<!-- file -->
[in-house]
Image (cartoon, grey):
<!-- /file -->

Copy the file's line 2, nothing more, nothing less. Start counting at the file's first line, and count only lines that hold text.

Image (cartoon, grey):